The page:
In collaboration with international chemical company Solvay, Veolia has launched an energy transition project: 'Dombasle Énergie'. The project aims to replace coal with refuse-derived fuel (RDF), for the production of clean energy for Solvay's Dombasle-sur-Meurthe plant.
How will the project work?
The project consists of replacing three coal-fired boilers at the Dombasle site with a boiler room, equipped with two furnaces running on RDF. This RDF will be produced from waste that cannot be recycled. The site will have a cogeneration unit that will use 350,000 tons of RDF per year - which will be supplied by Veolia from 2024. The facility, which will be built by Solvay and operated by Veolia, will have a capacity of 181 megawatts (MW) thermal power and 17.5 MW electrical power, to be used for industrial processes.
How will it contribute to decarbonisation?
The installation of an RDF cogeneration unit will drastically reduce the carbon footprint of the Dombasle site - emissions are set to be cut by 50%, due to the switch from coal to a more sustainable fuel source. The chemical industry is typically carbon intensive, with plants consuming huge amounts of energy, so this is an example of how the sector can be significantly decarbonised moving forwards. In addition to halving the carbon footprint of the site's industrial activity, this solution will remove the need for the site to continue relying on 200,000 tons of imported coal annually, providing further environmental benefits.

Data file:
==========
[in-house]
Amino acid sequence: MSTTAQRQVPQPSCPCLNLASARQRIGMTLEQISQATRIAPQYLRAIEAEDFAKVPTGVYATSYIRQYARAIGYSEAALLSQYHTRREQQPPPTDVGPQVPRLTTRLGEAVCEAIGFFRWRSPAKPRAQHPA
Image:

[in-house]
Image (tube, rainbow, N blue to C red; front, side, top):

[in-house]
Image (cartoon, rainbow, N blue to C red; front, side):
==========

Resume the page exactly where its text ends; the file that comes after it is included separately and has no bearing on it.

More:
In addition, this project will help the Dombasle site to adopt a circular economy, by utilising waste that was originally considered non-recyclable, and turning it into green energy. Water usage at the site will also be reduced by 7%, demonstrating the decarbonisation benefits of this project across the three key areas of waste, water and energy. 'Dombasle Énergie' will hopefully act as a symbolic project for how the chemical sector can make progress on its journey to Net Zero.
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